It sounds odd, but it works. Each class gets a distinct flavor, and astonishingly it's a flavor that holds true in both group or solo content. Gladiators are tanks through and through, but they're also skillful combatants dancing into an opponent's weak points. Marauders are also tanks, but they're meant to hit many things at once, sweeping an axe in a wide arc and hitting multiple targets. Even multi-target abilities have long had distinct methods of operation, with Lancers focusing on a narrow but high-damage line while Marauders work in broad cones.
Plus, the combo system does a lot for the combat, giving players a reason to plan moves and use them in sequence while still encouraging players to occasionally break said sequence. The combat is, overall, slower than that found in many MMOs, but the lack of a more frantic speed means you have more time to intelligently use varied abilities. In World of Warcraft
, the average fight might call on you to use four abilities in sequence. In FFXIV
, especially toward the higher levels, you can easily end up using a dozen different abilities in a single fight without its being especially unusual.
And even the weird parts of the system have a certain charm to them. Sure, levequests are odd... but there's something comforting about always knowing that quest X is quest X, and you can always expect the same enemy distribution no matter what. You grow accustomed to the quests, and they're quick enough that you can burn a few out for fun without having to devote your whole evening.
There's also the setting, which carries forward the traditions of Final Fantasy XI
while being its own creature. Calling it "high fantasy" seems reductionist, somehow; the setting feels alive and vibrant, full of personalities and people and real organizations. The landscapes and structures are grounded in reality, detailed and created so that they resemble places where groups of people live rather than arranged according to functionality.
Even in the places that the story might fall down a bit (and the main story quests are a bit weak, although recent content is excellent), the sheer amount of depth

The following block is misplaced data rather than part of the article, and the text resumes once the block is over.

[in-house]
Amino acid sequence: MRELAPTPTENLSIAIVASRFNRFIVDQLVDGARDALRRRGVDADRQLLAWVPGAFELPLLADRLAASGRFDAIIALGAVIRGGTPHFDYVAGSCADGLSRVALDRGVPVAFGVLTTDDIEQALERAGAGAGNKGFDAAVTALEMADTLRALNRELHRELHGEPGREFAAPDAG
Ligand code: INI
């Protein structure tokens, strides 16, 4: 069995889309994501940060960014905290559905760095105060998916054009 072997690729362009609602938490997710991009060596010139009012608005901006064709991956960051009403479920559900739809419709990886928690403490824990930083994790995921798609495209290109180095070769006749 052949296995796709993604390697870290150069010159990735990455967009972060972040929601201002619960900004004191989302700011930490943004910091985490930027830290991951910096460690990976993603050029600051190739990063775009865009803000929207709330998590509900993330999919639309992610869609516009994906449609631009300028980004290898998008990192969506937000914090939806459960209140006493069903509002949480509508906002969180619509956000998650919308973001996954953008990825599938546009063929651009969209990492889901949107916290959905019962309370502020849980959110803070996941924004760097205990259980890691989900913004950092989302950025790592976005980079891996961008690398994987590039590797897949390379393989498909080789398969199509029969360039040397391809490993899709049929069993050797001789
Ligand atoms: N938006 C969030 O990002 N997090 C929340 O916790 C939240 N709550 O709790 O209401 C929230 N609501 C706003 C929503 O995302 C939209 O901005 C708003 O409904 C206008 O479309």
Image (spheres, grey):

in the setting is impressive. Every single city is facing a multi-pronged conflict from several outside forces, some of which connect to the stories of other nations and some of which are unique. Moreover, said conflicts are portrayed as being
complex rather than simple cases of zealotry or misinformation. There's a lot going on in every city, every organization, every minor quest.
You can argue that most of this is standard fare in sandbox games and is nothing unique to FFXIV
, but here's the thing: For my money, most pure sandbox titles are dull. They're interesting to read about but not usually all that interesting to actually play
. The actual game of FFXIV
. I like fiddling with class abilities, assembling gear sets for crafting or mining, and spending time dodging monsters and hammering at nodes. And I also like subsequently yanking a spear out and skewering anything that gets in my way.
There's a lot of work required to get to that chewy center, and some people aren't going to like the work or aren't going to like the center when they get there, but for me, it feels like it's all worth it. When I sit down to play FFXIV
, I'm in an adventure, even if sometimes that adventure is a bit complicated to pursue.
Oh, and it has the cutest moogles ever. That's a nice bonus.
There's an MMO born every day, and every game is someone's favorite. Why I Play is a column in which the Massively staff members kick back and reminisce about all their favorite MMOs. Whether it's the new hotness or an old fan favorite loaded with nostalgia, each title we cover here tugs at our heartstrings and keeps us coming back for more.